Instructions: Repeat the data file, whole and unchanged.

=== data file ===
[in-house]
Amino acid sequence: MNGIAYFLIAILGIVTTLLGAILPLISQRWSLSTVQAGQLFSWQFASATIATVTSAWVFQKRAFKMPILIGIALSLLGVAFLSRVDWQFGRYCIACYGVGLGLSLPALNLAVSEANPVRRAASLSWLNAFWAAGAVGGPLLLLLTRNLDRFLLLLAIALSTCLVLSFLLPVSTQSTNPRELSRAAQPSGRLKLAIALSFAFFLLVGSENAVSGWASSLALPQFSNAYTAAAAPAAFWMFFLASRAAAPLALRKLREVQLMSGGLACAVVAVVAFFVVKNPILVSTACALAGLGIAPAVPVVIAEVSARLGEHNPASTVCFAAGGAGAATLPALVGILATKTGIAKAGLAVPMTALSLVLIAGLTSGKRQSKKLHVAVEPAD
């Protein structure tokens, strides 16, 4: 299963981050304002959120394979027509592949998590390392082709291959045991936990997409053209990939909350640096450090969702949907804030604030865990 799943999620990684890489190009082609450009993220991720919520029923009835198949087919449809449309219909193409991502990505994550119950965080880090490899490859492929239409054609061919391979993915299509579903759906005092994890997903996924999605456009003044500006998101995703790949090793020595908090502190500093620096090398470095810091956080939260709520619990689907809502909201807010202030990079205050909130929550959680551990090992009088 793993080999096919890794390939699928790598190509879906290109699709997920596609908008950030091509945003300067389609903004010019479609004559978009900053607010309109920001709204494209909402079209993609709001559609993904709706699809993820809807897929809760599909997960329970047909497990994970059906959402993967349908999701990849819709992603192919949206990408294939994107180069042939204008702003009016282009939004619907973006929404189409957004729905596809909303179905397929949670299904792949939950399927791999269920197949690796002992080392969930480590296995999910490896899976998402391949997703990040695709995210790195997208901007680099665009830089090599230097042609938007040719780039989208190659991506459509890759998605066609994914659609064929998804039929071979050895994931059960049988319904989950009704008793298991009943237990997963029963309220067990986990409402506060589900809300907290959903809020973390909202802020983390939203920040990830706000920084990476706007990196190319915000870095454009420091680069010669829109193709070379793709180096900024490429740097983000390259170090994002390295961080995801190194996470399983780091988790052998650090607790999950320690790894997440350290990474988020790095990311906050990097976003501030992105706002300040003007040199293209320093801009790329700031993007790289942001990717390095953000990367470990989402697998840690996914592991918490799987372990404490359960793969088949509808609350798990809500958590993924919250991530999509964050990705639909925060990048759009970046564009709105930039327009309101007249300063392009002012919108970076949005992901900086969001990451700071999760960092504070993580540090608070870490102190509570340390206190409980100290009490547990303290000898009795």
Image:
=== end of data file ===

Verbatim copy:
[in-house]
Amino acid sequence: MNGIAYFLIAILGIVTTLLGAILPLISQRWSLSTVQAGQLFSWQFASATIATVTSAWVFQKRAFKMPILIGIALSLLGVAFLSRVDWQFGRYCIACYGVGLGLSLPALNLAVSEANPVRRAASLSWLNAFWAAGAVGGPLLLLLTRNLDRFLLLLAIALSTCLVLSFLLPVSTQSTNPRELSRAAQPSGRLKLAIALSFAFFLLVGSENAVSGWASSLALPQFSNAYTAAAAPAAFWMFFLASRAAAPLALRKLREVQLMSGGLACAVVAVVAFFVVKNPILVSTACALAGLGIAPAVPVVIAEVSARLGEHNPASTVCFAAGGAGAATLPALVGILATKTGIAKAGLAVPMTALSLVLIAGLTSGKRQSKKLHVAVEPAD
């Protein structure tokens, strides 16, 4: 299963981050304002959120394979027509592949998590390392082709291959045991936990997409053209990939909350640096450090969702949907804030604030865990 799943999620990684890489190009082609450009993220991720919520029923009835198949087919449809449309219909193409991502990505994550119950965080880090490899490859492929239409054609061919391979993915299509579903759906005092994890997903996924999605456009003044500006998101995703790949090793020595908090502190500093620096090398470095810091956080939260709520619990689907809502909201807010202030990079205050909130929550959680551990090992009088 793993080999096919890794390939699928790598190509879906290109699709997920596609908008950030091509945003300067389609903004010019479609004559978009900053607010309109920001709204494209909402079209993609709001559609993904709706699809993820809807897929809760599909997960329970047909497990994970059906959402993967349908999701990849819709992603192919949206990408294939994107180069042939204008702003009016282009939004619907973006929404189409957004729905596809909303179905397929949670299904792949939950399927791999269920197949690796002992080392969930480590296995999910490896899976998402391949997703990040695709995210790195997208901007680099665009830089090599230097042609938007040719780039989208190659991506459509890759998605066609994914659609064929998804039929071979050895994931059960049988319904989950009704008793298991009943237990997963029963309220067990986990409402506060589900809300907290959903809020973390909202802020983390939203920040990830706000920084990476706007990196190319915000870095454009420091680069010669829109193709070379793709180096900024490429740097983000390259170090994002390295961080995801190194996470399983780091988790052998650090607790999950320690790894997440350290990474988020790095990311906050990097976003501030992105706002300040003007040199293209320093801009790329700031993007790289942001990717390095953000990367470990989402697998840690996914592991918490799987372990404490359960793969088949509808609350798990809500958590993924919250991530999509964050990705639909925060990048759009970046564009709105930039327009309101007249300063392009002012919108970076949005992901900086969001990451700071999760960092504070993580540090608070870490102190509570340390206190409980100290009490547990303290000898009795």
Image: